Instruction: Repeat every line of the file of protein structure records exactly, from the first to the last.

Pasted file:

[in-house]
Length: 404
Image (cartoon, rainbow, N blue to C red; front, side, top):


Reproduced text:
[in-house]
Length: 404
Image (cartoon, rainbow, N blue to C red; front, side, top):